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Schools support special ed suit

The South Whidbey Board of Education voted Monday to throw its support to other school districts suing the state for failing to adequately fund special education in public schools.

At a board meeting Monday night, school board directors voted unanimously to approve a resolution supporting the 11 school districts filing the lawsuit. That vote, if it helps win the suit, could mean South Whidbey schools could receive more money in the future to do more with its special education students.

“We are expected to fully fund education, the state should have to do their part too,” Board President Helen Price Johnson said.

Price Johnson said passing the resolution does not require any financial obligation on the part of the South Whidbey School District.

The 11 districts formed a consortium called the School Districts’ Alliance for Adequate Fund of Special Education. They filed their suit in Thurston County Superior Court on Sept. 30 through the Seattle firm of Preston, Gates and Ellis. The suit does not seek recovery of damages, but rather asks the court to retain jurisdiction over special education funding for “a sufficient number of years” to compel the state to comply with court orders.

The courts have ruled that Washington State is obligated to fully fund basic education; special education falls within that obligation. The suit claims the gap between what the state is paying versus what it should be paying exceeds $100 million dollars a year.

With special education costs increasing every year, school districts have had to rely on local levy funds to pay for unfunded expenditures.

Bob Brown, South Whidbey’s superintendent, said this week that the district has to spend much more on each of its 230 special education students than is funded by the state, spending that directly impacts local tax payers.

“The additional funds come out of our levy money,” he said. “Levy dollars should be going for enrichment and enhancement purposes and programs that benefit all students.”

The state allocation for basic education is about $4,800 per student. For special education students, South Whidbey receives an additional $4,000 above basic education funds for each student.

But Ben Thomas, the district’s business manager, says it’s never enough to cover what the district spends.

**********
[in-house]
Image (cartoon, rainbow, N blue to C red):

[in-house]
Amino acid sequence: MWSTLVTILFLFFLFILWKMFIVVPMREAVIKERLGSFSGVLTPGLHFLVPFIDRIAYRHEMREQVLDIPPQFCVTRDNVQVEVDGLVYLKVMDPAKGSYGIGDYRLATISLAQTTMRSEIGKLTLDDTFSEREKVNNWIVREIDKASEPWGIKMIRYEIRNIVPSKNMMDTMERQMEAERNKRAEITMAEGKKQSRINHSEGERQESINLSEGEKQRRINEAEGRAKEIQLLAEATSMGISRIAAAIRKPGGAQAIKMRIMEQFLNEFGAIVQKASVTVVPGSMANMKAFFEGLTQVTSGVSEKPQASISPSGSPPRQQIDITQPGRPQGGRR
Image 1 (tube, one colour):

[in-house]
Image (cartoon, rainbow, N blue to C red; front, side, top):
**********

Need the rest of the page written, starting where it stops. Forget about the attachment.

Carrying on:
During each of the past three years special education at South Whidbey was underfunded by nearly $200,000, according to Thomas. Diane Watson, who supervises the special education program in the district, said special education has been underfunded for years and the cost of educating those students is increasing.

Some items funded with special education money are special education para-educators and teachers, occupational and physical therapists, buses with wheelchair lifts, and speech and language services. Some students require a full-time para-educator while at school, a cost of $12,000 a year.

Watson said she supports the effort by the Alliance.

“The funding of education for all our children is the paramount duty of the state,” she said.

While the state does provide school districts for part of the shortfall with so-called “Safety Net” funds, Watson said they are inadequate because it requires that districts continue to use levy dollars before it provides any assistance.

In 2002-03, Safety Net paid less than $12 million in relief to school districts, while the unfunded portion of actual special education costs was an estimated $102 million according to the Office of the Superintendent of Public Instruction, or OSPI.

Watson said the funding formulas for special education are outdated.

District officials would like to see an end to the requirement that districts spend their levy money on special education before becoming eligible for the state’s safety-net funding and improve the method of calculating special education funding.

The state pays for special education services up to 13 percent of the school district’s population including preschoolers.

The state education officer, Bergeson has proposed removing those 3- and 4-year-olds from the count to create more slots for school-age youth.

According to OSPI’s Web site. Bergeson has requested that the legislature allocate $400,000 to study special education formulas. So far it hasn’t happened. The two-year budget proposal from Bergeson also includes a $200 million increase for special education.

In a press release, the Alliance states that it chose special education as the focus of its lawsuit because the mandates surrounding the provisions of quality education for special need students are clearly outlined in both federal and state law. This is the first step to address the state’s educational funding problems in a specifics area rather than to tackle the massive underlying issue of restructuring the entire education funding system.

Two court decisions from 1983 and 1988 may have a bearing on the case. In 1983, Superior Court Judge Robert Doran ruled that special education must be fully funded by the state and in 1988 he said the state needed to implement a “safety net to help districts fund special education.”

The members of the Alliance are the following school districts: Bellingham, Bethel, Burlington-Edison, Everett, Federal, Issaquah, Lake Washington, Mercer island Northshore, Riverside and Spokane. There are 296 school districts in Washington state.

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